The Supreme Court hears its third round of arguments in Brown this time concerning remedies.
On the last day of the Term, the Supreme Court hands down Brown II, 349 U.S. 294 (1955), ordering that desegregation occur with "all deliberate speed."
In response to Brown II, White Citizen's Councils are formed by businessmen and professionals to oppose desegregation. Lynchings resurge.
Emmett Till, a black teenager from Chicago, is murdered for saying "Bye, baby" to and allegedly whistling at a white woman while visiting relatives in Mississippi. The case quickly attracts national attention. In September, an all-white jury finds his alleged assailants not guilty of murder.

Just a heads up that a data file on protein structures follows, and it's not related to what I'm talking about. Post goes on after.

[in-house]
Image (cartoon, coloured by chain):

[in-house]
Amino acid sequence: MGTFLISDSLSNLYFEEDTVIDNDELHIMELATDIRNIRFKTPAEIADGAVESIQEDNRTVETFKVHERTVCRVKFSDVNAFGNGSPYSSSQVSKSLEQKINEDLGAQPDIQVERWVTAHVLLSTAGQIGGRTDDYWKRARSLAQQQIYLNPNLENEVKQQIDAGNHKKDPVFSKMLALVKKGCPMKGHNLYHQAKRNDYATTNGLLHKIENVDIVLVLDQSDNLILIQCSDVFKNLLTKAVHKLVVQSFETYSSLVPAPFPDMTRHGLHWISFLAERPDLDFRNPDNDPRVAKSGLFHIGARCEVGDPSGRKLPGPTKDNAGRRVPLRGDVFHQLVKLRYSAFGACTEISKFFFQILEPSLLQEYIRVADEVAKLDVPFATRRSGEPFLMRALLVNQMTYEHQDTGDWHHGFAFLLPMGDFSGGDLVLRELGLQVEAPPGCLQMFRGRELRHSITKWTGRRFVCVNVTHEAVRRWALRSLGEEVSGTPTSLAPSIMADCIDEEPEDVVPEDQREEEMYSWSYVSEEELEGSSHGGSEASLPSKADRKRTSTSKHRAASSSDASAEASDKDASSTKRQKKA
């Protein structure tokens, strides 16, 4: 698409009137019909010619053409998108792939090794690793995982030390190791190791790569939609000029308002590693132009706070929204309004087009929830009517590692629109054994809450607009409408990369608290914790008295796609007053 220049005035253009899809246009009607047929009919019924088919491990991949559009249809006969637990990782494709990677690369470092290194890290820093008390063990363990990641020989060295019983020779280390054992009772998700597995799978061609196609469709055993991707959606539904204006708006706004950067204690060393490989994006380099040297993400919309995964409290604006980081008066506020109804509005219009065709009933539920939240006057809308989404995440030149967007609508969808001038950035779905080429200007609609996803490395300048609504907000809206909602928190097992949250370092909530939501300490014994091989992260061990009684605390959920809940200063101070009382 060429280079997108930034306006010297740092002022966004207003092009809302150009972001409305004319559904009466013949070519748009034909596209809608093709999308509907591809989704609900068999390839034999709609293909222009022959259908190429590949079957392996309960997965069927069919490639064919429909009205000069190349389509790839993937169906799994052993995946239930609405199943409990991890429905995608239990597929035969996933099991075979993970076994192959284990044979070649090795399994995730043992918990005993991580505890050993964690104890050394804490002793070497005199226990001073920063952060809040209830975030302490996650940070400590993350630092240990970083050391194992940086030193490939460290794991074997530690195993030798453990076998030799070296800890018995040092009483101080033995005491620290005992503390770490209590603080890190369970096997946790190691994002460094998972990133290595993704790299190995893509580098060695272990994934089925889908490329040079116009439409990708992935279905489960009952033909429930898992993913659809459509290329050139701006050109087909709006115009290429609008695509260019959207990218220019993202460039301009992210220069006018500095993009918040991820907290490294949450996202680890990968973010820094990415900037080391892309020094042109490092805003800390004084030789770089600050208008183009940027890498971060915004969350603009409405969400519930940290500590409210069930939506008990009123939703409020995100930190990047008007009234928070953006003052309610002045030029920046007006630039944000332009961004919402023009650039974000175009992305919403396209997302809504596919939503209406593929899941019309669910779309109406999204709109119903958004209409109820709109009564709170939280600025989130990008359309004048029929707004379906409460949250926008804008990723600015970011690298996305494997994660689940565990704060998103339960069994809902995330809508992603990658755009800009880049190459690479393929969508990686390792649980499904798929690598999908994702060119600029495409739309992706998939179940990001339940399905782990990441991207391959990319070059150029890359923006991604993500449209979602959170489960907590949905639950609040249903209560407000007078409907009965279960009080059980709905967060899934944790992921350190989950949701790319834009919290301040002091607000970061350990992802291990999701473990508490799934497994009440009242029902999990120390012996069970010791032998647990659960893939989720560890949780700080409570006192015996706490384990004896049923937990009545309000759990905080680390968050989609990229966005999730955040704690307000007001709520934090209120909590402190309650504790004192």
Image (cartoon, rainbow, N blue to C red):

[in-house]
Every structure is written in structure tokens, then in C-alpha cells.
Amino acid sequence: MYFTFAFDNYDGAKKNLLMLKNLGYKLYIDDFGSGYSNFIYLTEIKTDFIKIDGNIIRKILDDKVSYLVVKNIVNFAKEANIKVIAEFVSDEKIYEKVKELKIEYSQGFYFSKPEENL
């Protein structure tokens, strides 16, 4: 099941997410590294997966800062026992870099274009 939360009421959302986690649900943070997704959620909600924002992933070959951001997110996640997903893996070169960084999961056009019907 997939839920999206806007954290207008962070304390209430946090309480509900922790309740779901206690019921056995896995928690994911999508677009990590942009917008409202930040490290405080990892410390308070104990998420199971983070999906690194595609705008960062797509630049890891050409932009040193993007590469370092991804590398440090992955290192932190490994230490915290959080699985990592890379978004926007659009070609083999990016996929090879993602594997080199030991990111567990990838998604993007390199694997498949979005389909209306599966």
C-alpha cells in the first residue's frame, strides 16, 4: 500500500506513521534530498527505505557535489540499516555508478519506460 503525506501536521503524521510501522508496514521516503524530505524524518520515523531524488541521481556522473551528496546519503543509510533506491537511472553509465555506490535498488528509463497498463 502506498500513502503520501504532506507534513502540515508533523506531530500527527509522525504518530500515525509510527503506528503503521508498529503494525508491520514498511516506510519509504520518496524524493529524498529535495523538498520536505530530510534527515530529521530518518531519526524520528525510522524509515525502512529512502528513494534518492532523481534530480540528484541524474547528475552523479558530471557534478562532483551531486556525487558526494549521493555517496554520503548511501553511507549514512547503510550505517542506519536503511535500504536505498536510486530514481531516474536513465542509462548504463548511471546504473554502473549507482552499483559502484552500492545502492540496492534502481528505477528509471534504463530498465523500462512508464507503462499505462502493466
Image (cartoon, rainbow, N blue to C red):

On December 1, Rosa Parks refuses to relinquish her seat on a Montgomery city bus to a white passenger. She is arrested for violating municipal laws and ordered to appear for trial four days later. She is convicted and ordered to pay a fine of $10. When she refuses to pay, she is jailed.
On the 5th, the Montgomery Bus Boycott begins, inspired by Rosa Parks and led by Martin Luther King, Jr. It continues through 1956. The boycott gives King a position of leadership within the national civil rights movement and demonstrates that nonviolent methods of protest could be effective.